Ceramic Coatings for Increased Insulation

Aided by ceramic coating, new insulating paint products bring huge energy savings to the market.

Photo: isbu-info.org

Ceramic coating has been around for almost 20 years and is highly effective in preventing unnecessary heat loss or gain in residential and commercial structures.

Inspired in part by the ceramic tiles that NASA uses on the Space Shuttle, a ceramic coating is a paint mixed with one or more ceramic compounds for application via spray or roller to exterior and interior surfaces. Depending on the ceramic compounds used (there are hundreds of varieties), this insulating product has the ability to prevent heat transfer and heat loading onto a structure. This means heat will not transfer into or out of a building.

Insulation and Emissivity
Unlike fiberglass insulation, whose R-value rating assumes heat loading by a building and simply measures the rate at which that heat is transferred, ceramic coatings are not given an R-value rating. Instead, they are rated by “emissivity.” a measure of both their ability to reflect heat and the amount of heat that is loaded onto a surface.

“The true key to insulation is preventing heat load,” says J.E. Pritchett, founder and developer of SuperTherm, a ceramic coating product produced by Superior Products International. The concept is simple: Why use fiberglass insulation to slow the transfer of heat into a building when you can just prevent that heat from ever loading onto the building in the first place? If heat is kept off the structure to begin with, that fiberglass insulation becomes unnecessary. It’s a change in the way we think about insulating our homes against energy lost. “R rating is for the 20th century,” says Pritchett. “Emissivity is 21st century.”

Blocking Heat Buildup
Blocking heat buildup is a complicated task. Heat comes in three forms: ultra-violet (UV), visible light, and infrared (IR). A quality ceramic coating will block all three, especially IR, which is responsible for roughly 57 percent of heat load on a building. “Some ceramic paints claim to block all heat caused by UV,” says Pritchett, “but UV only accounts for three percent of heat load on a building.”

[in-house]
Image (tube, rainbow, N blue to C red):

Consumers should be careful to distinguish between purely reflective coatings and true insulating coatings. Reflective coatings only perform when clean and will not block all forms of heat, but a coating with insulative and reflective qualities will block more than one form of heat. “SuperTherm uses four ceramic compounds to block short-wave radiation, IR, and to block the conductivity of heat through the surface,” claims Pritchett. “It’s not just a reflective coating.”

Blocking Heat Transfer
As an exterior surface coating, insulating ceramic paints or coatings can be applied to the roof and sides of a building. This includes roofing surfaces such as metal, felt, asphalt, aluminum, and sidings made of rubber, vinyl, and aluminum. Ceramic coatings can be used on the interior of a home, too.

“Since most of mechanical heat is IR heat, ceramic coatings can be used to prevent heat loss from inside a building,” Pritchett says. A home interior coated in ceramic paint can therefore reduce energy costs due to heat loss in the colder months. “We estimate that a home can save up to 40 to 50 percent in energy costs using our product,” Pritchett says. Payback on a product like SuperTherm, which retails for about $100 per gallon, can come in as little as two years.

Some ceramic coatings feature additional properties, like preventing moisture migration. Some structures see up to 25 percent of HVAC costs coming from dehumidification needs, but a ceramic coating can also bring savings through moisture management. Additional features can include mold and mildew control, sound attenuation properties, and fire resistance.

Ceramic Coatings vs. Fiberglass Insulation